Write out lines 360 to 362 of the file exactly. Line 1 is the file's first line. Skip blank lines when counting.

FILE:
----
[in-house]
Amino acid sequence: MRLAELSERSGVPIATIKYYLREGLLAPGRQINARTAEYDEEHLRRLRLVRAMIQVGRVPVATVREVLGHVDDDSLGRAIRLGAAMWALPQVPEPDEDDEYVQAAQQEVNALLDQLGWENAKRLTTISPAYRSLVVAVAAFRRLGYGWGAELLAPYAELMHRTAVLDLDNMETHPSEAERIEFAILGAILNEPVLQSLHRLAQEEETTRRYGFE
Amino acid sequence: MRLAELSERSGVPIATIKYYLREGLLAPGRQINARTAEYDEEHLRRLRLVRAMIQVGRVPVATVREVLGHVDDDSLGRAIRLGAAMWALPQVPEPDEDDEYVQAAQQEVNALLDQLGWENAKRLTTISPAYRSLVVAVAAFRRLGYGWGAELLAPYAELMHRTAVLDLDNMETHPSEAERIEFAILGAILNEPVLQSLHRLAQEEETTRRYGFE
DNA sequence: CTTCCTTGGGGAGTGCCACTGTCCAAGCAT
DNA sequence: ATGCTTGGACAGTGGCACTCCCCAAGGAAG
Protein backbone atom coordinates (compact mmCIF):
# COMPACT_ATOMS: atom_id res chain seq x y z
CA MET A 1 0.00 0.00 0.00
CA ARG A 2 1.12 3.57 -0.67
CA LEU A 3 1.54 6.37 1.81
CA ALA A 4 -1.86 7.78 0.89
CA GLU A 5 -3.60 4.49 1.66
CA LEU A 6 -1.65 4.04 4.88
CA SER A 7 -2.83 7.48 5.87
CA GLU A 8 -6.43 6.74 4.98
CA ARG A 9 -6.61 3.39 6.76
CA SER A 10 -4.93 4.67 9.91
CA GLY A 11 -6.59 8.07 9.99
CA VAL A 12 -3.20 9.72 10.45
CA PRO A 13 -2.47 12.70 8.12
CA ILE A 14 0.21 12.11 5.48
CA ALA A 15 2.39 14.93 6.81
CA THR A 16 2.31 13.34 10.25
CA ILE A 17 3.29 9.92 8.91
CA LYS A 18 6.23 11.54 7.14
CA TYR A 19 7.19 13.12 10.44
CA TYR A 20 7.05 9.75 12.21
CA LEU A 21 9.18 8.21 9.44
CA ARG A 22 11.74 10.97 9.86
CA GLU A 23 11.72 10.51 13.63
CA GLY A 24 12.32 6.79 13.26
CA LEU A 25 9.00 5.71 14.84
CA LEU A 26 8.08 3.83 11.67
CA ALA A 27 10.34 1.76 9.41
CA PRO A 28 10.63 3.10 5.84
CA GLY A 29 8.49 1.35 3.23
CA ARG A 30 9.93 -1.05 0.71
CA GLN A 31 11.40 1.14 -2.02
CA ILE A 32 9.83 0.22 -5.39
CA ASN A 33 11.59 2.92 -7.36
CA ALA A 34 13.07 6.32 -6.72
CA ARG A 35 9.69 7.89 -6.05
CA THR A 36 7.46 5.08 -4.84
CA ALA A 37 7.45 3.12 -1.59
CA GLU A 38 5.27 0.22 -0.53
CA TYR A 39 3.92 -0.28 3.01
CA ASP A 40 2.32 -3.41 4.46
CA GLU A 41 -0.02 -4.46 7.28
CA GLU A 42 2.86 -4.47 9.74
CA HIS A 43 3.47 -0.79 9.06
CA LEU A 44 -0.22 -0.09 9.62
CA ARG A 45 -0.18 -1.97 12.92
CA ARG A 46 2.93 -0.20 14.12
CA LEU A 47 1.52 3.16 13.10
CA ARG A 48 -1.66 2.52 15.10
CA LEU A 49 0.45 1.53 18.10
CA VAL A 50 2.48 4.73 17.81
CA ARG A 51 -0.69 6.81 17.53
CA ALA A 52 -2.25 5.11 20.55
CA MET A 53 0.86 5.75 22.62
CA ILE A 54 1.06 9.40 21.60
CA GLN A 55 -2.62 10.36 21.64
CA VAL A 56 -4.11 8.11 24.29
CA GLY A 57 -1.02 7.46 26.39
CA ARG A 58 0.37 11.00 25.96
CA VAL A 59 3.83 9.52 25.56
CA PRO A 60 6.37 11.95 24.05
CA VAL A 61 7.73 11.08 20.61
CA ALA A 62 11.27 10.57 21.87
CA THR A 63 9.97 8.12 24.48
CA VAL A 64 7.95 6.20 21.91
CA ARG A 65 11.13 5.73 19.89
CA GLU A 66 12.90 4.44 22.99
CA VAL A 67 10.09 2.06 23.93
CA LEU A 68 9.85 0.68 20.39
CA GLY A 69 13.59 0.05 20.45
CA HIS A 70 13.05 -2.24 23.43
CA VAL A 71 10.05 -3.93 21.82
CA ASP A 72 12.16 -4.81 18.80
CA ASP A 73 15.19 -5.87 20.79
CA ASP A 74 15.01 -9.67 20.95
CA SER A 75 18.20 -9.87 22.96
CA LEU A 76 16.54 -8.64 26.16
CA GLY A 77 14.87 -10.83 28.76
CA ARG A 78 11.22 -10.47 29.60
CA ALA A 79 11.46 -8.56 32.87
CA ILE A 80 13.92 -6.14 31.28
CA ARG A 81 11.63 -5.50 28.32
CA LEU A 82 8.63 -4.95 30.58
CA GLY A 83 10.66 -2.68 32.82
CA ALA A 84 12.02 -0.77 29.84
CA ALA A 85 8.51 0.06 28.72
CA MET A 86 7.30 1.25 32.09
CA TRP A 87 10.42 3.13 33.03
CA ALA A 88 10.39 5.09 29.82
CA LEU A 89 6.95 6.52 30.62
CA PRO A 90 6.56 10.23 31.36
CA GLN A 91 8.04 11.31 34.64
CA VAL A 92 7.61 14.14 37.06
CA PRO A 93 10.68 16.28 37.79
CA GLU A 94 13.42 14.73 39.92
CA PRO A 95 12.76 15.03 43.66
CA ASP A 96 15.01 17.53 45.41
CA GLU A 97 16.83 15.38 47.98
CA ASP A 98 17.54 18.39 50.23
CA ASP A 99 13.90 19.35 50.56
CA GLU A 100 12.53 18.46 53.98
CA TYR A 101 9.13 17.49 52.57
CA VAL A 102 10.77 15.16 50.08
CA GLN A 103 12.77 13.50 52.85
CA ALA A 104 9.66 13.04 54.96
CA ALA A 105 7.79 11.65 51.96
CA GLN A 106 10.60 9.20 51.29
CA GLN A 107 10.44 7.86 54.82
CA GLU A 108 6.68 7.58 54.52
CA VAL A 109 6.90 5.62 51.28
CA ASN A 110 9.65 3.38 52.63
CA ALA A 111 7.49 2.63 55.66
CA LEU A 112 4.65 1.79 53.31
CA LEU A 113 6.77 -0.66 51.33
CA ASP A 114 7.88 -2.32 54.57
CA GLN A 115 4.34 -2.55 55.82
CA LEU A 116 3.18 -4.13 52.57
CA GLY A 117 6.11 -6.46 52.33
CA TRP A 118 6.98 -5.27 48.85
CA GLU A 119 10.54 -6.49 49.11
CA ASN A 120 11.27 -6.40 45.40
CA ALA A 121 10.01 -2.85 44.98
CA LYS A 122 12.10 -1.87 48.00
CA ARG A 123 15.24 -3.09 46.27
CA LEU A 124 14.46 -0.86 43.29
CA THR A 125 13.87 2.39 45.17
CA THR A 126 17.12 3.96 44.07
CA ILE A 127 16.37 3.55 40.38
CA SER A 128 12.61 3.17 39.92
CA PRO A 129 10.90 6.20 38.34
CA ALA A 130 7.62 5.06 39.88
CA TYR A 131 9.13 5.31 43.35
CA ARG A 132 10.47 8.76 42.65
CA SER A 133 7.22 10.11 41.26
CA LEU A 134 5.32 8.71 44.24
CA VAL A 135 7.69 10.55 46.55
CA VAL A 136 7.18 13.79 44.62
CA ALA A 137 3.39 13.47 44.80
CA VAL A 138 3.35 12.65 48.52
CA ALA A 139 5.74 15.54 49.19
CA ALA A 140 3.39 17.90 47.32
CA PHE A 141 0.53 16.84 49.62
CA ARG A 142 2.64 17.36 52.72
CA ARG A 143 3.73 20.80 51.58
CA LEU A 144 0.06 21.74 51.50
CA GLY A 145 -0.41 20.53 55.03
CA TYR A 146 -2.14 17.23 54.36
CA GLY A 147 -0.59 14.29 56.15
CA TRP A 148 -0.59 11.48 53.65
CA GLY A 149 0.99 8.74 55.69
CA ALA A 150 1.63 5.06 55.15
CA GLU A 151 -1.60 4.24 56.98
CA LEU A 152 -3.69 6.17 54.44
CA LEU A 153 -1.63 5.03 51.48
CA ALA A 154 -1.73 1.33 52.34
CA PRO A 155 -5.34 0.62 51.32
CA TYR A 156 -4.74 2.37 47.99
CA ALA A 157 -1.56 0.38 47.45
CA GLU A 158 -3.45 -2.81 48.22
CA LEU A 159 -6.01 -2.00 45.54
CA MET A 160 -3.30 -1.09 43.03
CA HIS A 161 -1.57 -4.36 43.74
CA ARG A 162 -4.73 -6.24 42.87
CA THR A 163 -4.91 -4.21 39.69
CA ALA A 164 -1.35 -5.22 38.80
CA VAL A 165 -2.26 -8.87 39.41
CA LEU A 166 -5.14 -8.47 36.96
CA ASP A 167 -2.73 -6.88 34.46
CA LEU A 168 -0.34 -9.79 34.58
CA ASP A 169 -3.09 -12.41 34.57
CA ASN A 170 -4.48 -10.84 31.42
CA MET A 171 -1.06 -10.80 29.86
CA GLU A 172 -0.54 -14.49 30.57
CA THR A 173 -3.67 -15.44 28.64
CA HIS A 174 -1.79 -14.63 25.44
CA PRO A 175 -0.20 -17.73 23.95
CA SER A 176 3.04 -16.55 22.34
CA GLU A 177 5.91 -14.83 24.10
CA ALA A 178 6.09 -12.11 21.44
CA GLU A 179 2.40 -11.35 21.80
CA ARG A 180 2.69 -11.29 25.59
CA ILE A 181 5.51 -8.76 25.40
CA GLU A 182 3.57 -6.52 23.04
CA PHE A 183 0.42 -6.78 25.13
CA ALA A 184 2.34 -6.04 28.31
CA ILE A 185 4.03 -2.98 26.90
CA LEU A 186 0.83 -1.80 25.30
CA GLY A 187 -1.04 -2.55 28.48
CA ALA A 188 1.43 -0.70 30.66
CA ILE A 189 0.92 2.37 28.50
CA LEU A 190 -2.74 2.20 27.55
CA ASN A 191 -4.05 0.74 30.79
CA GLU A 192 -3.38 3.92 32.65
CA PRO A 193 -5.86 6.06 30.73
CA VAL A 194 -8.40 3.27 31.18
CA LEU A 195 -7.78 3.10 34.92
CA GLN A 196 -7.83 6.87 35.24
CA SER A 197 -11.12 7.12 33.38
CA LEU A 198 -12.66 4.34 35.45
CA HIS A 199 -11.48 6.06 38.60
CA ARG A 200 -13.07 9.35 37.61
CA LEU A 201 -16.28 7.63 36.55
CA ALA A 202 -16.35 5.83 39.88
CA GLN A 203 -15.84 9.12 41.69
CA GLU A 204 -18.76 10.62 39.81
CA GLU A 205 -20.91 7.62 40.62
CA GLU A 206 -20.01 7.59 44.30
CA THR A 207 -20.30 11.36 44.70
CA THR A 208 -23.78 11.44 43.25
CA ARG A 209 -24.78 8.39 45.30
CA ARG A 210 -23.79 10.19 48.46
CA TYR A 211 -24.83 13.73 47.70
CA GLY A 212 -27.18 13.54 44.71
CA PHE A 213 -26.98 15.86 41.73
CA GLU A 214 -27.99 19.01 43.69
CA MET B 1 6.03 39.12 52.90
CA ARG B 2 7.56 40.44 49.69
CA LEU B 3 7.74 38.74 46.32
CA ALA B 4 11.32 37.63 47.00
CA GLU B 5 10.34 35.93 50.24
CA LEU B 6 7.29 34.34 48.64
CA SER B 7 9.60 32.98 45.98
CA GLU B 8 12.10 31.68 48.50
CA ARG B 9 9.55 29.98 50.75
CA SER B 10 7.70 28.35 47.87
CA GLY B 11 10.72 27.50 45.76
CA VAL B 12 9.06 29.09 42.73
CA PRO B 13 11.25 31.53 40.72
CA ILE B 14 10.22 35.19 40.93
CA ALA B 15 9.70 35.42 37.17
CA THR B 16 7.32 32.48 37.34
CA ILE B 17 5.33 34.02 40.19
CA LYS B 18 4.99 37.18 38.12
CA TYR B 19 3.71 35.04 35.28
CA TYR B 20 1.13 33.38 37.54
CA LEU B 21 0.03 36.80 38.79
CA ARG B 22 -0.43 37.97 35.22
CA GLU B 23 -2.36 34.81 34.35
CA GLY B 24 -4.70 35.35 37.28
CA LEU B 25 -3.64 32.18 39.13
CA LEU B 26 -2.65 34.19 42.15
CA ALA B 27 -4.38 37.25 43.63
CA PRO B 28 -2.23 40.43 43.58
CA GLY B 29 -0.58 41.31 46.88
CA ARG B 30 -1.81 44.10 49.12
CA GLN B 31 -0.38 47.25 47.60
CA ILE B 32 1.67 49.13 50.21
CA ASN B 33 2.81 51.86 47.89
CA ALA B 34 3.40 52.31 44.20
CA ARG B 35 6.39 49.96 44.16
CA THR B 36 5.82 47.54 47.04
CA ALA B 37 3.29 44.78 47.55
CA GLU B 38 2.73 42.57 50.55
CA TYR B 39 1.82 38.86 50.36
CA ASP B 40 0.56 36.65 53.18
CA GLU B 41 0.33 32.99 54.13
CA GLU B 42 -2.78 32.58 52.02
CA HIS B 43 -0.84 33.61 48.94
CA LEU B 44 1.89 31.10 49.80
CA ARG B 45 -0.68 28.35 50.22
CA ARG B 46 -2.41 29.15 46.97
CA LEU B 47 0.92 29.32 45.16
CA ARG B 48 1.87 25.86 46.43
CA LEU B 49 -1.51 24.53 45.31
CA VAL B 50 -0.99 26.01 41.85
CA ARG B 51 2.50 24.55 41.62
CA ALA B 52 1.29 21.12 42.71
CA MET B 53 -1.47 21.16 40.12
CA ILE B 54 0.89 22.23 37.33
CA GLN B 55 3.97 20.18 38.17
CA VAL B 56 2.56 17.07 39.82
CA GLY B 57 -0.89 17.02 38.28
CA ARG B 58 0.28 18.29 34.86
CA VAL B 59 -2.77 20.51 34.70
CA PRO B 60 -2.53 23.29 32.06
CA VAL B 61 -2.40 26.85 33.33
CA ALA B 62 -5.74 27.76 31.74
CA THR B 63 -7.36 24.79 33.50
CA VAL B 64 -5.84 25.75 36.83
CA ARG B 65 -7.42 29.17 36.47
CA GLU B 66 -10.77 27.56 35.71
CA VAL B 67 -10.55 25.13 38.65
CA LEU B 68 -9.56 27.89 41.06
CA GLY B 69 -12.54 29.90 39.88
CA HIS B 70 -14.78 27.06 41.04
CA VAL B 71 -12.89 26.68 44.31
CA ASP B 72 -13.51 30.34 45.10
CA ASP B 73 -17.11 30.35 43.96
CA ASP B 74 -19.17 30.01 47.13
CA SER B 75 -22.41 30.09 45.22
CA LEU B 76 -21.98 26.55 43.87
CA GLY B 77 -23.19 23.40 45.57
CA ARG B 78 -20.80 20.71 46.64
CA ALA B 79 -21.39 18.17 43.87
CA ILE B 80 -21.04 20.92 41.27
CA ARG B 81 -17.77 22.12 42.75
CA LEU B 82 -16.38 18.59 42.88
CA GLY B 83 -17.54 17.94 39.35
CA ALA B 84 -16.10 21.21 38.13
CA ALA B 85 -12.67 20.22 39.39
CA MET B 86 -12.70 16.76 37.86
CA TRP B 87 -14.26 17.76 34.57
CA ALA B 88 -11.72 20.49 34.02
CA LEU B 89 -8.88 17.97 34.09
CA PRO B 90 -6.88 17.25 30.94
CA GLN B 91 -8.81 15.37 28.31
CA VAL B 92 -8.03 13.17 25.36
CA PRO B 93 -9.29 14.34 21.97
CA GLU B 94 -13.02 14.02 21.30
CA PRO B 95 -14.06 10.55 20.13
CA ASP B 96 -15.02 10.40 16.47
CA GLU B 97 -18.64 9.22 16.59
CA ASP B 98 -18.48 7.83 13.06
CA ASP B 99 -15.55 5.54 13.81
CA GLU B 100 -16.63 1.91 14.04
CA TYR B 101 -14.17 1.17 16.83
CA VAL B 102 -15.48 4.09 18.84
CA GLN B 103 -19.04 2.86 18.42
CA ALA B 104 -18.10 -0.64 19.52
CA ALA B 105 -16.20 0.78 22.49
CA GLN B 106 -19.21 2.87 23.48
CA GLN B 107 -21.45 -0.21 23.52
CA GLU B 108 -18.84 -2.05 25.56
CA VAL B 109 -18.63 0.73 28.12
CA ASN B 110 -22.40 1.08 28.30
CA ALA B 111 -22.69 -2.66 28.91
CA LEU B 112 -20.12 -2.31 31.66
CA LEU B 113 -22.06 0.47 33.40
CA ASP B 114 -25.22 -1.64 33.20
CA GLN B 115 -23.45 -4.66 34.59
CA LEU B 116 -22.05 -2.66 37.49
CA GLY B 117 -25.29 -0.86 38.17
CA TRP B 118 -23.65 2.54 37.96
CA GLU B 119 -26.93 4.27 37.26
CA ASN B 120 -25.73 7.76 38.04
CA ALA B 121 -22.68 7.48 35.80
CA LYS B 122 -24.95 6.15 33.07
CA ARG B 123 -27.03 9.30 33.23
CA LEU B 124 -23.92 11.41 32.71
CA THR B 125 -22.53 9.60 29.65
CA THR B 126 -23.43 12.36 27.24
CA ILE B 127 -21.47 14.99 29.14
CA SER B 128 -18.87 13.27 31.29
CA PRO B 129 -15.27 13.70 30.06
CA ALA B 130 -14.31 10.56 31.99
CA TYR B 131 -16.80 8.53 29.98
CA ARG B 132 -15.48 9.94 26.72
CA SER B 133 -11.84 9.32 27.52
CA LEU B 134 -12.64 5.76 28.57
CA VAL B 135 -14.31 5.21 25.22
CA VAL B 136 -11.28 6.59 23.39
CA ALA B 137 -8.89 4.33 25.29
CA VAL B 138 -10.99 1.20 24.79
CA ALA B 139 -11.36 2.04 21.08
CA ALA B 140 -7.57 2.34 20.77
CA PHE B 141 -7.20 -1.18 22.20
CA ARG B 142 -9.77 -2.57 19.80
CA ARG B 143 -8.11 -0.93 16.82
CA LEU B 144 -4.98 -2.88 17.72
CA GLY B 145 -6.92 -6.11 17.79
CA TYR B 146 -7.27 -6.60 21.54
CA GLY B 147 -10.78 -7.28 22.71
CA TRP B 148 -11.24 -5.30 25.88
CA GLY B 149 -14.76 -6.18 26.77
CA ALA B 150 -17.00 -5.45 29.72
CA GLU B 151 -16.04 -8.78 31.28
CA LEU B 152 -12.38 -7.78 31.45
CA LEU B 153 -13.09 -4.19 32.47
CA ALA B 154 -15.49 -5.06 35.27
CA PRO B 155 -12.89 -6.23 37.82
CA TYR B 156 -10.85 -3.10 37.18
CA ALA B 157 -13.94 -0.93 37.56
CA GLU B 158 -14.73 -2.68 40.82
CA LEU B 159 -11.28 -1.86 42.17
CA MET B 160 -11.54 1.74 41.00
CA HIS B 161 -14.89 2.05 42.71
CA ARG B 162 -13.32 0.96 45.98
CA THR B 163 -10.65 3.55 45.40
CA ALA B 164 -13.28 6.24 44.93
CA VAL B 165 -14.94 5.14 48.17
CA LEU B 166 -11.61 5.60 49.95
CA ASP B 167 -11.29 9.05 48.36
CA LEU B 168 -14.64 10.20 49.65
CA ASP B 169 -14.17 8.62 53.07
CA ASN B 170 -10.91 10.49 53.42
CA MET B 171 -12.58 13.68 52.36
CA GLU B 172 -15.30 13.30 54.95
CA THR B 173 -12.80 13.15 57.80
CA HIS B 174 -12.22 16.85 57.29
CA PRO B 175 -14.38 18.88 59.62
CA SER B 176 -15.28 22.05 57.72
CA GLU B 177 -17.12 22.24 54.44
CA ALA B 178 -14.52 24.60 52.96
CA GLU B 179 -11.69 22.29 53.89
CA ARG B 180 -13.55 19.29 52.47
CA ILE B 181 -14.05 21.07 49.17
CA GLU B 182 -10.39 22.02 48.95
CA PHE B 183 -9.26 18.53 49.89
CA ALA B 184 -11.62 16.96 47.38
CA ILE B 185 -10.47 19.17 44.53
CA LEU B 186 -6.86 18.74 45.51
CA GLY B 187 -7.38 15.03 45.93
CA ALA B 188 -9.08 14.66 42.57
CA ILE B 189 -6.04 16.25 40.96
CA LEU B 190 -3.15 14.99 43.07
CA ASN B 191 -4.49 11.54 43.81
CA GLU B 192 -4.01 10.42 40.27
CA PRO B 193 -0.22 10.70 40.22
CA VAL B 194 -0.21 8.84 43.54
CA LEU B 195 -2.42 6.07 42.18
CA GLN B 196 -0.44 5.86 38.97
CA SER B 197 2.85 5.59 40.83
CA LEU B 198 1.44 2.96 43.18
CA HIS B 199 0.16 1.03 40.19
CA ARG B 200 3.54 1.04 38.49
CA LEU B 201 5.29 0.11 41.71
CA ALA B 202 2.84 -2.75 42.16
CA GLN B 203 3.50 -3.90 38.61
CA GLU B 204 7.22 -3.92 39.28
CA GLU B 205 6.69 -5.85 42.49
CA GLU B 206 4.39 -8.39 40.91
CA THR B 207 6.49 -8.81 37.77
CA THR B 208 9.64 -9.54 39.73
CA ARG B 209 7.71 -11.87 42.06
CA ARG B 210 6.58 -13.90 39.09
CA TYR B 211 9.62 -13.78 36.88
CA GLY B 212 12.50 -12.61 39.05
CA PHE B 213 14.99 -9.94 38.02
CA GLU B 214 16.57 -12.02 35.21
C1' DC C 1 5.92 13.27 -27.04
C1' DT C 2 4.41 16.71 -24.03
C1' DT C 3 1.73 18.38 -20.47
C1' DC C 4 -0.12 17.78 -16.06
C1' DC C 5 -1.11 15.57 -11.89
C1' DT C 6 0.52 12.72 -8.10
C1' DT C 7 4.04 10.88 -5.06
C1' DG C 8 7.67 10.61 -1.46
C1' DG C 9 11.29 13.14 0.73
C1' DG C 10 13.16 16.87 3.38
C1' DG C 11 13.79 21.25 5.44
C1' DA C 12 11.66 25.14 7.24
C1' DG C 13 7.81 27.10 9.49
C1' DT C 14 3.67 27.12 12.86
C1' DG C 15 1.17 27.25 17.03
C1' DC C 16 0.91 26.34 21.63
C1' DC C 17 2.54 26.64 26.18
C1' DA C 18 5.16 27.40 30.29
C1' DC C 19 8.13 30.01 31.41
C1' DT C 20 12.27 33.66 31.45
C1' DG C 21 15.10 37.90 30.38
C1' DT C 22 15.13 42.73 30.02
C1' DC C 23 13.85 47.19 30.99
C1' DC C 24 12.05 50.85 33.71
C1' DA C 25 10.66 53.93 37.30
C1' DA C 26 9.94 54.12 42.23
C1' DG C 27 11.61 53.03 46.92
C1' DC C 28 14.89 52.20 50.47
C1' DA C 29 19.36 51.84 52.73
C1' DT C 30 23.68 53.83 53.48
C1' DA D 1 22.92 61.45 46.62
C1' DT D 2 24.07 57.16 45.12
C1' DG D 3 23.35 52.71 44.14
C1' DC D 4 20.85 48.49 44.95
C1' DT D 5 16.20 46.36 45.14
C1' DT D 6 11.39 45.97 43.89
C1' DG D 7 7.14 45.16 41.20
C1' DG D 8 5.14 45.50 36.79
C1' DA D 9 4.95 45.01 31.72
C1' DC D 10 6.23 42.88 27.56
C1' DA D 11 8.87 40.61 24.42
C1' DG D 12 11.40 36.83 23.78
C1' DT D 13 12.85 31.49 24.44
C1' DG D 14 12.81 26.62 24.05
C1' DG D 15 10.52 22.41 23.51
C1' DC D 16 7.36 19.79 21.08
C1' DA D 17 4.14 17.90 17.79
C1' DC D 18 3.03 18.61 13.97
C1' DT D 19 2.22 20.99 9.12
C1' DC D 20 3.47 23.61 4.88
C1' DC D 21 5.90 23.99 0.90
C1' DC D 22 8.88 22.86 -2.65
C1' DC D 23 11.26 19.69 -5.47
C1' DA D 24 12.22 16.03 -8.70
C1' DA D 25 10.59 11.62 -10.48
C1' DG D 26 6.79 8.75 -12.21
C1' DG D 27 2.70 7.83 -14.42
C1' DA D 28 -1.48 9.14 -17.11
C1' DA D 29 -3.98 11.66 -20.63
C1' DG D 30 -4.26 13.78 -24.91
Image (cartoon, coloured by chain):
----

CA ALA B 139 -11.36 2.04 21.08
CA ALA B 140 -7.57 2.34 20.77
CA PHE B 141 -7.20 -1.18 22.20